Most of a $3 million federal grant will help researchers at Oregon State University and in North Carolina develop more nutritious and high-yielding organic blackberries.
Ann Mills, a deputy undersecretary for Natural Resources and Environment from the U.S. Department of Agriculture, was at OSU on Wednesday to to announce how the grant also will help address the need for more small farmers.
One grant for $2.4 million will fund research for four years in Oregon and North Carolina to help growers produce nutritional, high-yielding organic blackberries more cost-effectively. Oregon farmers sold nearly $24 million of blackberries last year, according to a report by the OSU Extension Service.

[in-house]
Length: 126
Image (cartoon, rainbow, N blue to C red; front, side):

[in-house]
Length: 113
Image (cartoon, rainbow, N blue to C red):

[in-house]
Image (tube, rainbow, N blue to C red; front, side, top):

The second grant, worth nearly $700,000, will fund the creation of an online course to help aspiring farmers and ranchers get started.
The research will be conducted at OSU’s North Willamette Research and Extension Center in Aurora, at Riverbend Organic Farms in Jefferson near Albany and in North Carolina with help from North Carolina State University.
Researchers will study cultivars that include the commonly grown Marion blackberry and the relatively new thornless cultivar called Black Diamond. Although focused on organic production, findings from the study will also benefit conventional growers.
“Organic production in berry crops has increased tremendously but there is little research-based information to answer the questions that growers have,” said OSU berry crops researcher Bernadine Strik, the lead investigator on the project. “Our goal is to fill this niche.”